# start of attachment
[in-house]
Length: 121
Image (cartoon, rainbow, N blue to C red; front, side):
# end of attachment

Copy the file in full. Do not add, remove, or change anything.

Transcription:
[in-house]
Length: 121
Image (cartoon, rainbow, N blue to C red; front, side):